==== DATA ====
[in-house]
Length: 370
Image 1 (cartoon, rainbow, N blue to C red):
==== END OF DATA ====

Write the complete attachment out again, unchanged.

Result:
[in-house]
Length: 370
Image 1 (cartoon, rainbow, N blue to C red):